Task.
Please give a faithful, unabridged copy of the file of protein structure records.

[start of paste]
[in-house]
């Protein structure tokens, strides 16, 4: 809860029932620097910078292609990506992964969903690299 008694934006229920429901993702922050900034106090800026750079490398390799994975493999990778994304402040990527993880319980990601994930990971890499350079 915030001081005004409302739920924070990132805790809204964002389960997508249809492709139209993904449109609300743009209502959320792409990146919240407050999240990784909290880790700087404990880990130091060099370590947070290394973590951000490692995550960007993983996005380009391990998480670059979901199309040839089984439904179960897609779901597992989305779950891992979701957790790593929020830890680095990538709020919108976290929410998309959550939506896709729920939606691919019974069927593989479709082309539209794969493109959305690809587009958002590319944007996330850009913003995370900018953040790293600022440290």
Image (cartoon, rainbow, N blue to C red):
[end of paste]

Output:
[in-house]
């Protein structure tokens, strides 16, 4: 809860029932620097910078292609990506992964969903690299 008694934006229920429901993702922050900034106090800026750079490398390799994975493999990778994304402040990527993880319980990601994930990971890499350079 915030001081005004409302739920924070990132805790809204964002389960997508249809492709139209993904449109609300743009209502959320792409990146919240407050999240990784909290880790700087404990880990130091060099370590947070290394973590951000490692995550960007993983996005380009391990998480670059979901199309040839089984439904179960897609779901597992989305779950891992979701957790790593929020830890680095990538709020919108976290929410998309959550939506896709729920939606691919019974069927593989479709082309539209794969493109959305690809587009958002590319944007996330850009913003995370900018953040790293600022440290």
Image (cartoon, rainbow, N blue to C red):